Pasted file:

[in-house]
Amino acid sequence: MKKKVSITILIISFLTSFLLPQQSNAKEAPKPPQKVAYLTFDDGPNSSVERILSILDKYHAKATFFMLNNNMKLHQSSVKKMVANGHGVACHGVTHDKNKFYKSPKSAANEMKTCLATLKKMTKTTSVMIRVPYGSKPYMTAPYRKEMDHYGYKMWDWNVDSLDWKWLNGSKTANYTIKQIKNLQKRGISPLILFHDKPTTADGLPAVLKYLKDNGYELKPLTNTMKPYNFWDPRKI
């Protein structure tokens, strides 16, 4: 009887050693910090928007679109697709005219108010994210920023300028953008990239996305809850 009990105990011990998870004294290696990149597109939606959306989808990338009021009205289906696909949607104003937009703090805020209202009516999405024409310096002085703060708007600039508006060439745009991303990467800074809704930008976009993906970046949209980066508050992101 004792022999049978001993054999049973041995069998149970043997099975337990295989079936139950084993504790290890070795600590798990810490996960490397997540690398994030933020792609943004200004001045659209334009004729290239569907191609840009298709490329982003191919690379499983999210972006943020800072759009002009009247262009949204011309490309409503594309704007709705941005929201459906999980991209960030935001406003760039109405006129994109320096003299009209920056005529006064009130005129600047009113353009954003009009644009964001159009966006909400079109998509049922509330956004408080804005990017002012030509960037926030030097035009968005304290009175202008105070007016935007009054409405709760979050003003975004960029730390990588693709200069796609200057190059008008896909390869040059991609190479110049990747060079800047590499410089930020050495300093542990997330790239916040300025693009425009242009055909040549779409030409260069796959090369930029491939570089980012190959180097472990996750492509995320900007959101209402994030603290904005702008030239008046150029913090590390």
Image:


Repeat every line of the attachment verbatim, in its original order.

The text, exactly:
[in-house]
Amino acid sequence: MKKKVSITILIISFLTSFLLPQQSNAKEAPKPPQKVAYLTFDDGPNSSVERILSILDKYHAKATFFMLNNNMKLHQSSVKKMVANGHGVACHGVTHDKNKFYKSPKSAANEMKTCLATLKKMTKTTSVMIRVPYGSKPYMTAPYRKEMDHYGYKMWDWNVDSLDWKWLNGSKTANYTIKQIKNLQKRGISPLILFHDKPTTADGLPAVLKYLKDNGYELKPLTNTMKPYNFWDPRKI
């Protein structure tokens, strides 16, 4: 009887050693910090928007679109697709005219108010994210920023300028953008990239996305809850 009990105990011990998870004294290696990149597109939606959306989808990338009021009205289906696909949607104003937009703090805020209202009516999405024409310096002085703060708007600039508006060439745009991303990467800074809704930008976009993906970046949209980066508050992101 004792022999049978001993054999049973041995069998149970043997099975337990295989079936139950084993504790290890070795600590798990810490996960490397997540690398994030933020792609943004200004001045659209334009004729290239569907191609840009298709490329982003191919690379499983999210972006943020800072759009002009009247262009949204011309490309409503594309704007709705941005929201459906999980991209960030935001406003760039109405006129994109320096003299009209920056005529006064009130005129600047009113353009954003009009644009964001159009966006909400079109998509049922509330956004408080804005990017002012030509960037926030030097035009968005304290009175202008105070007016935007009054409405709760979050003003975004960029730390990588693709200069796609200057190059008008896909390869040059991609190479110049990747060079800047590499410089930020050495300093542990997330790239916040300025693009425009242009055909040549779409030409260069796959090369930029491939570089980012190959180097472990996750492509995320900007959101209402994030603290904005702008030239008046150029913090590390």
Image: